A break-through via Abraham Lincoln

Lincoln by Charles Alfred Barry

 

I met her for the first time on the psychiatric ward.  I was there to complete a psychological evaluation. I had my pen in hand, my hospital badge, and my folder.  She was depressed. She looked at me pensively.  I introduced myself. She was clearly not doing well. Her grooming and hygiene was poor.  She had attempted suicide-that was what got her admitted to the unit. She didn’t say anything. I figured that this assignment was not going to go well-if at all.  Then she noticed what I had forgotten- I carried with me always-a picture of Abraham Lincoln on the cover of my folder. I had it there for years-it was part of what I carry on my job-like carrying a pencil. She then spoke her first words with me: “That’s Abraham Lincoln, I love him!”  I smiled, as I realized I had not noticed the picture. “Yes, I said-I love him too.” We found a connection. All my skills and knowledge- my training and degrees-didn’t mean much at that moment.  She didn’t care about that. She cared about Lincoln.  That was the “break-through.” The evaluation proceeded and was completed.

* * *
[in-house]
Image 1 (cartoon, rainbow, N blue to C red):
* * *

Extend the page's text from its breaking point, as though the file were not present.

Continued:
The next day I went up to the psychiatric unit.  I had a small gift for her-a book on Abraham Lincoln.  She had all the joy in her face as a child on Christmas morning. It wasn’t a technique I learned in graduate school.  It was called being “kind” to another human being. She was depressed, so I thought I’d do a “little something” to cheer her up. I asked her why she loved Lincoln so much. She said that he had risen above his depression to become what he was.  I saw that Lincoln was giving her hope. Perhaps all the therapy in the world would not be so effective…

 

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